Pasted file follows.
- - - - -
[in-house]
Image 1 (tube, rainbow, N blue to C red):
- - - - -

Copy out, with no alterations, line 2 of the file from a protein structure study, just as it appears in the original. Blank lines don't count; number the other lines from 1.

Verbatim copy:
Image 1 (tube, rainbow, N blue to C red):